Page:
In contrast to the attenuated stereotypes in Ewing and Challinor, Keay’s heroine has a veracity and directness, a quirky originality that convinces as it surprises. Lily Macgregor is both part of the community and an outsider, her mother having misbehaved and disappeared, her father’s identity uncertain, her grandparents remote. There is sense of a small community, with the inhabitants intensely aware of each other, and, at the same time, a community, in its colonial and rural rawness, shifting and unstable, open to any new influence. Enter the honeymooning Harraways, and Mr Fernon the remittance man: “Lily saw remittance men in the hotels. As a rule they had beautiful manners, no money, and were seldom sober.” While the treatment of sex in Ewing and Challinor is both prurient and disapproving, Lily’s encounters convey both her curiosity and her recklessness, as well as the vulnerability of a young woman of the time. The romantic clichés of Ewing and Challinor have no place in her pragmatic, ironic view of the world: “Lily is of the opinion that there are few who would have fallen in love if they’d never heard of it.”

No writer is entirely original. Though Keay chooses not to deploy the melodramatic conventions of Ewing and Challinor, she is indebted to a rather more local writer. The Stove Rake’s tone, the character of Lily, the society that is depicted, reminded me of Katherine Mansfield. Not the crafted, self-conscious, rather cute writer of the later stories, but the “little savage from New Zealand” (as her London teacher described her), author of the early “The Woman at the Store”, where the harshness of the colonial social landscape takes no prisoners. Keay’s Lily is the Mansfield of the notebooks which describe her turbulent and dangerous adolescence in New Zealand.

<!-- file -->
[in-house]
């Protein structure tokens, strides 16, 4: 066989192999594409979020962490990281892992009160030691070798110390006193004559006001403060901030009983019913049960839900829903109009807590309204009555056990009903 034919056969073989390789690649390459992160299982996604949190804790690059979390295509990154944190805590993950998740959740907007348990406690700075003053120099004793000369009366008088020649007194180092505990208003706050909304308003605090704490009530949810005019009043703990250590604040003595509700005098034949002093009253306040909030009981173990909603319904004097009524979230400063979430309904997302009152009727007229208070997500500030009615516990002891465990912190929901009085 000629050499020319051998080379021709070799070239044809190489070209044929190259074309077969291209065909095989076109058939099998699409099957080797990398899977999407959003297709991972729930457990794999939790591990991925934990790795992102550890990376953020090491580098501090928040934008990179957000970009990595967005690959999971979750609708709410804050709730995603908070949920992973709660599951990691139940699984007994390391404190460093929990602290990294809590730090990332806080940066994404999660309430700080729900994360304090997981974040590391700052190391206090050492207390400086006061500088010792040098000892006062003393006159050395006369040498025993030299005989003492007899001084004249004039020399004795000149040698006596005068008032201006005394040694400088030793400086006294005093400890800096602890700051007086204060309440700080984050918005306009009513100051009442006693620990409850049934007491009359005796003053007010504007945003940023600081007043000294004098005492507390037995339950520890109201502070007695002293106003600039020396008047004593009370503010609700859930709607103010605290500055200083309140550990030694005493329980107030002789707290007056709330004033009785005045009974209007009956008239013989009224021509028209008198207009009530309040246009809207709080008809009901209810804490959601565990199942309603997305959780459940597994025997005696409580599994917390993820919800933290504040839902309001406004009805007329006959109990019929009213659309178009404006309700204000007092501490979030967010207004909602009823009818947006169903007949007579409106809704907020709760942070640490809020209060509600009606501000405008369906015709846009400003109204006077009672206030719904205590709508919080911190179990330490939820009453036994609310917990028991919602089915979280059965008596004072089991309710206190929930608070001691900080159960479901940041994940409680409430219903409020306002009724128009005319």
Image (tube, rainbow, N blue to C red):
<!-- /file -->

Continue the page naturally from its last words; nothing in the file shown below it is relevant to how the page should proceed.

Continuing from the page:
There is the sense in Keay’s novel, as in Mansfield’s early writings, of a community both rigid and moralistic, and loose and unformed. Single women who are original and spirited do not do well in such societies. The fear of what happens to Lily in The Stove Rake is exactly what motivated the Beauchamps to send Katherine back to London in 1908. Keay, like Mansfield, demonstrates a sensitivity attuned to place and its detail, seen not as tired convention or melodramatic enervation, but with a startling clarity and precision:

she was drawn by tiny memories so remote that they seemed lodged in her stomach rather than her head: the kindly, black curves of the kettle, the monkey faces hidden in the rug, the clock’s bolder tick when her grandparents were in bed. Those things didn’t change even if they were never quite as she expected them to be.

 

Jane Stafford is currently working with Mark Williams on a study of late 19th century colonial New Zealand literature.